The thermic resistance of a cooler consists of line resistance and transfer resistance, in which case the latter occurs because of the conditions of the transition of the heat to the cooling medium. The transfer resistance is inversely proportional to the product of heat-emitting surface and the coefficient of heat transfer. If this value is determined by the rate of the speed of the cooling agent and the surface structure, the heat-emitting surface must be increased in order to decrease the transfer resistance. However, this results in the fact that the total heat conduction resistance will increase. The result for metallic air coolers is a law of growth for weights and/or volume with an exponent of the power of >3.

In the case of the known cooling by means of heat ducts (Korb, above, M. Groll and B. Zimmermann, "Heat and Material Transfer," Vol 4, (1971), Page 39 to 47), the line resistance is reduced by the fact that one uses water vapor for transporting the heat over a certain distance. An air cooler is attached to the closed end of the heat duct. The condensate is led back through capillary tubes, networks or arteries. In the case of power losses in the order of 800 W -- disk cell with two-sided heat flow -- one can, in this case, reduce weight and volume to approximately 40% of a customary aluminum cooler.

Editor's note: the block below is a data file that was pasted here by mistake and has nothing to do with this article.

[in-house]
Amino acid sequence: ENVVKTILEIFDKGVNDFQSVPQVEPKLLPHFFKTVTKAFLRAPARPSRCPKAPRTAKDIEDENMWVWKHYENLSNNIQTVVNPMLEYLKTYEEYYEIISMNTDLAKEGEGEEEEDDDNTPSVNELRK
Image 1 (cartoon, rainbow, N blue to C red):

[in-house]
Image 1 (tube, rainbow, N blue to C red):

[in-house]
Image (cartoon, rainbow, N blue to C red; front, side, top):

If there are requirements for smaller weights and volumes, one must work with vapor or passing liquid as heat conveying means. Because of the significantly better coefficients of heat transfer of liquids as compared to air, one may get along with much smaller heat-emitting surfaces and thus with considerably reduced heat paths.

The most favorable coefficients of heat transfer for a noncirculating water cooling are furnished by water; they are one thousand times better than those furnished by air, referred to equal flow speeds and temperatures. However, water, because of operational conditions, for example, discontinuous operation, frost, inability to heat, cannot always be used and also requires longer hydraulic connecting lines in order to obtain a corresponding insulation level and, for its maintenance, an ion exchanger. In such cases, transformer oil, an insulating cooling agent which has proven itself in electronics, offers a solution. However, the heat transfer coefficient of transformer oil is only seventy times better than that of air, i.e., seventeen times worse than in the case of water.


Accordingly, it is an object of the present invention to find a constructive development of the cooling container which, even when a cooling agent is used which has a worse heat transfer coefficient than water, insures a comparable, acceptable relationship between heat conduction and weight or volume of the cooler.